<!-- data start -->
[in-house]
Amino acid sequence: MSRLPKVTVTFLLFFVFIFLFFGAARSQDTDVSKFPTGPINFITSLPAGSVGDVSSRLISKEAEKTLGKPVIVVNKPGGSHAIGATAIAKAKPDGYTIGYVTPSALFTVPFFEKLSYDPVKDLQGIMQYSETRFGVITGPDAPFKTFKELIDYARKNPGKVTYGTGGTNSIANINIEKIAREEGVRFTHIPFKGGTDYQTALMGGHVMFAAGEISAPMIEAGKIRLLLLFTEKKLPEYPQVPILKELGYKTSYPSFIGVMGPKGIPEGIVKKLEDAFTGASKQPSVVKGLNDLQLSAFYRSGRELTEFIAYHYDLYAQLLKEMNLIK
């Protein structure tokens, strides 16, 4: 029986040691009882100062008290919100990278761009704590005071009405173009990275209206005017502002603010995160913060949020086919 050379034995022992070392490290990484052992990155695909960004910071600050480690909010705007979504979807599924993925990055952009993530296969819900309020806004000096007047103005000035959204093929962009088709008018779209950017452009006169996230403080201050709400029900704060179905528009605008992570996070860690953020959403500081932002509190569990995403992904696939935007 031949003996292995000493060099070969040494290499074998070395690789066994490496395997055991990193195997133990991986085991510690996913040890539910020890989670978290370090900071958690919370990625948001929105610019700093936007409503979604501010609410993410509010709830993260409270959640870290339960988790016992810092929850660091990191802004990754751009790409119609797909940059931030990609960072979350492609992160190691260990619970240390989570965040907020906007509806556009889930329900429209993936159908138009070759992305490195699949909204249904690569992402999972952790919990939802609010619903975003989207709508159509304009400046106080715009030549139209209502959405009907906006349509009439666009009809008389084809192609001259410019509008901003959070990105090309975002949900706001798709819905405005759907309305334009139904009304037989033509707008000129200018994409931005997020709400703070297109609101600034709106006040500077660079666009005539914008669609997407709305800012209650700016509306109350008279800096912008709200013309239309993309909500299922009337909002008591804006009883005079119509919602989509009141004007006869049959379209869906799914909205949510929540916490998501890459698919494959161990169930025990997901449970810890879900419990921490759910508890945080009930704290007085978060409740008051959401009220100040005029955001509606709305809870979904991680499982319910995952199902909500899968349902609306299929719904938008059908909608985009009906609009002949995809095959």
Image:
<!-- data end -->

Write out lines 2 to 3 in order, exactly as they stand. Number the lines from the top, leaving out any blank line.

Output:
Amino acid sequence: MSRLPKVTVTFLLFFVFIFLFFGAARSQDTDVSKFPTGPINFITSLPAGSVGDVSSRLISKEAEKTLGKPVIVVNKPGGSHAIGATAIAKAKPDGYTIGYVTPSALFTVPFFEKLSYDPVKDLQGIMQYSETRFGVITGPDAPFKTFKELIDYARKNPGKVTYGTGGTNSIANINIEKIAREEGVRFTHIPFKGGTDYQTALMGGHVMFAAGEISAPMIEAGKIRLLLLFTEKKLPEYPQVPILKELGYKTSYPSFIGVMGPKGIPEGIVKKLEDAFTGASKQPSVVKGLNDLQLSAFYRSGRELTEFIAYHYDLYAQLLKEMNLIK
């Protein structure tokens, strides 16, 4: 029986040691009882100062008290919100990278761009704590005071009405173009990275209206005017502002603010995160913060949020086919 050379034995022992070392490290990484052992990155695909960004910071600050480690909010705007979504979807599924993925990055952009993530296969819900309020806004000096007047103005000035959204093929962009088709008018779209950017452009006169996230403080201050709400029900704060179905528009605008992570996070860690953020959403500081932002509190569990995403992904696939935007 031949003996292995000493060099070969040494290499074998070395690789066994490496395997055991990193195997133990991986085991510690996913040890539910020890989670978290370090900071958690919370990625948001929105610019700093936007409503979604501010609410993410509010709830993260409270959640870290339960988790016992810092929850660091990191802004990754751009790409119609797909940059931030990609960072979350492609992160190691260990619970240390989570965040907020906007509806556009889930329900429209993936159908138009070759992305490195699949909204249904690569992402999972952790919990939802609010619903975003989207709508159509304009400046106080715009030549139209209502959405009907906006349509009439666009009809008389084809192609001259410019509008901003959070990105090309975002949900706001798709819905405005759907309305334009139904009304037989033509707008000129200018994409931005997020709400703070297109609101600034709106006040500077660079666009005539914008669609997407709305800012209650700016509306109350008279800096912008709200013309239309993309909500299922009337909002008591804006009883005079119509919602989509009141004007006869049959379209869906799914909205949510929540916490998501890459698919494959161990169930025990997901449970810890879900419990921490759910508890945080009930704290007085978060409740008051959401009220100040005029955001509606709305809870979904991680499982319910995952199902909500899968349902609306299929719904938008059908909608985009009906609009002949995809095959």